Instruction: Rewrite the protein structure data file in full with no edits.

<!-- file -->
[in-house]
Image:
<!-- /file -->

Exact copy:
[in-house]
Image: